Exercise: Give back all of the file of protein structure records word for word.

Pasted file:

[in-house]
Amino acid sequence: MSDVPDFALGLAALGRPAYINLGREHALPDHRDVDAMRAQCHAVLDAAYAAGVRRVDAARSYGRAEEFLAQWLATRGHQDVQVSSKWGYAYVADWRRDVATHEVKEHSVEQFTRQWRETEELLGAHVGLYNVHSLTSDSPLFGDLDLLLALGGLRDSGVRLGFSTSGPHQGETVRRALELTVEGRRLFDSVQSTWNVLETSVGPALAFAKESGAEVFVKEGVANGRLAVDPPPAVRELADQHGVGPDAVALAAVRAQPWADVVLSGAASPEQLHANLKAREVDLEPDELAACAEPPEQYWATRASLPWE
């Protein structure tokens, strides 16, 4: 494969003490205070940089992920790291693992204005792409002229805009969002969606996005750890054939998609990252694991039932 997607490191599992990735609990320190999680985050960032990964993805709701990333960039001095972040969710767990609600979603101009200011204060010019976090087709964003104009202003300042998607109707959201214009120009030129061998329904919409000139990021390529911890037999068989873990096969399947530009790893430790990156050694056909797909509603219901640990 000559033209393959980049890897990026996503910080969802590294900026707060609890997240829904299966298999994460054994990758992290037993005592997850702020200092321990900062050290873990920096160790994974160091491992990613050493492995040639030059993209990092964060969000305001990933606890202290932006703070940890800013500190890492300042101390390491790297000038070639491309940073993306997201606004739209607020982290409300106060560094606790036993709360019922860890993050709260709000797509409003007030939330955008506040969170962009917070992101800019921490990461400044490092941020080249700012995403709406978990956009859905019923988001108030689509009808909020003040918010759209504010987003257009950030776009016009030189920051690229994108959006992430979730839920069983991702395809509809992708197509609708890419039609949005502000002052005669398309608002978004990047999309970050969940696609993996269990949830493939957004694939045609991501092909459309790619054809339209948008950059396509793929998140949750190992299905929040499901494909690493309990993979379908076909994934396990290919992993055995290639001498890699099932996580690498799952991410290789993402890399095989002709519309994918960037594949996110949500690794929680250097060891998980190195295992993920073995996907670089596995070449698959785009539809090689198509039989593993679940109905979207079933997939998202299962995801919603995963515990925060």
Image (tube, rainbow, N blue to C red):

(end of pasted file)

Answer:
[in-house]
Amino acid sequence: MSDVPDFALGLAALGRPAYINLGREHALPDHRDVDAMRAQCHAVLDAAYAAGVRRVDAARSYGRAEEFLAQWLATRGHQDVQVSSKWGYAYVADWRRDVATHEVKEHSVEQFTRQWRETEELLGAHVGLYNVHSLTSDSPLFGDLDLLLALGGLRDSGVRLGFSTSGPHQGETVRRALELTVEGRRLFDSVQSTWNVLETSVGPALAFAKESGAEVFVKEGVANGRLAVDPPPAVRELADQHGVGPDAVALAAVRAQPWADVVLSGAASPEQLHANLKAREVDLEPDELAACAEPPEQYWATRASLPWE
């Protein structure tokens, strides 16, 4: 494969003490205070940089992920790291693992204005792409002229805009969002969606996005750890054939998609990252694991039932 997607490191599992990735609990320190999680985050960032990964993805709701990333960039001095972040969710767990609600979603101009200011204060010019976090087709964003104009202003300042998607109707959201214009120009030129061998329904919409000139990021390529911890037999068989873990096969399947530009790893430790990156050694056909797909509603219901640990 000559033209393959980049890897990026996503910080969802590294900026707060609890997240829904299966298999994460054994990758992290037993005592997850702020200092321990900062050290873990920096160790994974160091491992990613050493492995040639030059993209990092964060969000305001990933606890202290932006703070940890800013500190890492300042101390390491790297000038070639491309940073993306997201606004739209607020982290409300106060560094606790036993709360019922860890993050709260709000797509409003007030939330955008506040969170962009917070992101800019921490990461400044490092941020080249700012995403709406978990956009859905019923988001108030689509009808909020003040918010759209504010987003257009950030776009016009030189920051690229994108959006992430979730839920069983991702395809509809992708197509609708890419039609949005502000002052005669398309608002978004990047999309970050969940696609993996269990949830493939957004694939045609991501092909459309790619054809339209948008950059396509793929998140949750190992299905929040499901494909690493309990993979379908076909994934396990290919992993055995290639001498890699099932996580690498799952991410290789993402890399095989002709519309994918960037594949996110949500690794929680250097060891998980190195295992993920073995996907670089596995070449698959785009539809090689198509039989593993679940109905979207079933997939998202299962995801919603995963515990925060």
Image (tube, rainbow, N blue to C red):